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Tutor profile: Jesse M.

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Jesse M.
Experienced Science and Math Tutor and Graduate Student in Evolution, Ecology, and Behavior
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Questions

Subject: Environmental Science

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Question:

Based on the understanding of how energy moves up the tropic trophic pyramid, what change can humans make to conserve large amounts of energy on a global scale?

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Jesse M.
Answer:

It is a basic rule that only 10% of the energy is conserved by consumers from what they eat. The rest of the energy is lost in the form of heat. What this means that the way energy transfers from one organism to another is not very efficient and that most of the energy that hits the earth is lost. Of all the solar energy from sun that hits the earth, plants only are able to use around 10% in the process of photosynthesis. Of the energy available in all producers (plants), only 10% of the energy consumed will be transferred to the next trophic level. This next level would be made up of herbivores like cows. The 10% pattern would continue to the next level to any organism eating the cow and so on. When thinking about conserving this energy we need to consider how this energy moves up this trophic cascade and where humans fall in the trophic pyramid. When a human eats a cow, they are really getting 1/100th the amount of energy in terms of the sun compared to what they get from eating just eating plants. So a switch to a plant only diet would conserve large amounts of energy based on a understanding the trophic cascade.

Subject: Biology

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Question:

What is the Red Queen Hypothesis and how does it inform our understanding of the evolution of sexual reproduction?

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Jesse M.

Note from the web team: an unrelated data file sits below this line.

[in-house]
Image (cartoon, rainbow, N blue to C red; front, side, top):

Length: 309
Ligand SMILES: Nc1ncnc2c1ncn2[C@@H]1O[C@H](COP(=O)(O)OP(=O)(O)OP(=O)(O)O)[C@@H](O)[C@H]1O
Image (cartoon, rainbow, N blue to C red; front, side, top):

Answer:

The Red Queen Hypothesis gets its name from the famous scene in the Lewis Carroll novel Through the Looking-Glass where Alice and the Red Queen have to constantly run to stay in the same place. This is the same situation that hosts and parasites find them selves in and the "running", in this case, refers the evolutionary arms race between the host's defenses and the parasites anti-defenses. To expand on this, if a host does not have a good defense system against a parasite, they will not contribute as much to the gene pool as individuals with better defenses against the parasites because they will be out competed by those that are uninfected. This means that hosts are under extreme selective pressure to constantly change in response to the parasites that are present in the environment. If they are not able adapt quickly enough, it could lead to the extinction of the host species. On the other side of the coin, parasites need to adapt just as quickly. When a useful mutation arises in the in the host that allows it to evade the parasite, it could quickly lead to the extinction of the parasite. Both species are constantly changing to keep up with the changes in the other and, like Alice and the Red Queen, need to constantly run to not go extinct. This same arms race is happening with many competing species like predator and prey interactions and Red Queen Hypothesis dynamics can be applied but it is most helpful to think of parasite and host interactions when considering the evolution of sexual reproduction. Sexual Reproduction is a conundrum and seems to be extremely costly when compared to asexual reproduction. Asexual reproduction allows an organism to have more offspring over time, genetically identical offspring, and does not have to spend time and energy to find a mate. All of these sound great and do work well for a many species but ,when we think in terms the Red Queen Hypothesis and parasites, a strong case can be made for sexual reproduction. Lets consider the following situation: you are a little multi-cellular organism that reproduces asexually that has been living in a pond with plentiful food and no predators for the past thousand years. You have huge population build up of all identical individuals over that time and you are the most dominant organism in this pond. All of a sudden, a parasite is introduced that you have absolutely no resistance to and your entire population is decimated in the span of ten years. It does not matter how quickly you reproduce because all your offspring are immediately infected by this parasite. This scenario probably played out countless times over evolutionary time and the populations that had the best chance were those that had the ability to introduce genetic diversity to offspring. Sexual Reproduction allows species to do exactly that and the payoff must be great because it outweighs all of the costs combined. The ability to produce genetically diverse offspring have host species a leg up against parasites and allowed room for some offspring to develop resistance. The Red Queen Hypothesis shows us that the pressures acting on the species stuck in the constant running is strong enough to explain whole shifts in reproductive strategy.